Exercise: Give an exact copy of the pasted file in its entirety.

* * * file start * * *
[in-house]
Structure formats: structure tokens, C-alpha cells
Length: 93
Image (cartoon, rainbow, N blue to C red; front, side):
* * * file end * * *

[in-house]
Structure formats: structure tokens, C-alpha cells
Length: 93
Image (cartoon, rainbow, N blue to C red; front, side):